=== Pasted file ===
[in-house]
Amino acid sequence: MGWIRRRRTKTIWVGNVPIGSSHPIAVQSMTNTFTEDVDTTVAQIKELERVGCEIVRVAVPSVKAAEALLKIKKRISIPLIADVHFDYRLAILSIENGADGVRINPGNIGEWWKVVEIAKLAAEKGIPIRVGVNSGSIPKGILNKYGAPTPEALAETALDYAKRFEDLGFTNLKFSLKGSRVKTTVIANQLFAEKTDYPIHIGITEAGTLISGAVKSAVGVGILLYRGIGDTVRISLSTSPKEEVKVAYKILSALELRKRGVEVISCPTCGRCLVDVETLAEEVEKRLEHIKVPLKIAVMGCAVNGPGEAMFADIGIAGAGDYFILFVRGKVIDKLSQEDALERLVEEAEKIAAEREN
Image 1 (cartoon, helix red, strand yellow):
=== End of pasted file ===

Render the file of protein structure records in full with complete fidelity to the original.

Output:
[in-house]
Amino acid sequence: MGWIRRRRTKTIWVGNVPIGSSHPIAVQSMTNTFTEDVDTTVAQIKELERVGCEIVRVAVPSVKAAEALLKIKKRISIPLIADVHFDYRLAILSIENGADGVRINPGNIGEWWKVVEIAKLAAEKGIPIRVGVNSGSIPKGILNKYGAPTPEALAETALDYAKRFEDLGFTNLKFSLKGSRVKTTVIANQLFAEKTDYPIHIGITEAGTLISGAVKSAVGVGILLYRGIGDTVRISLSTSPKEEVKVAYKILSALELRKRGVEVISCPTCGRCLVDVETLAEEVEKRLEHIKVPLKIAVMGCAVNGPGEAMFADIGIAGAGDYFILFVRGKVIDKLSQEDALERLVEEAEKIAAEREN
Image 1 (cartoon, helix red, strand yellow):